For years, trucking companies with vehicles entering the Golden State have faced a growing list of emission requirements accompanied by assorted inspections, fines and strongly worded news releases.
Come 2017, noncompliance with at least one rule will prevent trucks from entering one company’s private facility.
Trucks hauling freight to and from port complexes fall under California’s Drayage Truck Regulation, or DTR – a rule that requires companies doing business with companies that use noncompliant trucks to report the trucks to authorities.
In order to ensure it remains compliant, one of the nation’s largest freight movers is implementing a list of rules of its own it will roll out in 2017. “No gate rejection will occur,” the email states.
According to an email sent by Union Pacific, all trucks entering intermodal facilities in California will be notified of their requirement to register trucks with CARB’s Drayage Truck Registry beginning Jan. 3. “No gate rejection will occur,” says the email.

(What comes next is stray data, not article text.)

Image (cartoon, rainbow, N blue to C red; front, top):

On April 3, the email states, if truck information for the truck entering the company’s California intermodal facility does not match with tractor information in the Drayage Truck Registry, the truck’s interchange receipt will advise the specific truck license plate is not registered in the registry. “No gate rejection will occur,” the email says.
By June 1, however, trucks with information that doesn’t match CARB’s DTR info “will be rejected if the specific tractor plate information is not registered,” the email states.
“Please take the time to register all drayage trucks in the DTR,” the email states. “The truck license plate information in the DTR must match the truck plate information entered during the gate transaction at the intermodal facility level. Proper verification will ensure your drivers do not experience additional delays at the intermodal facility.”
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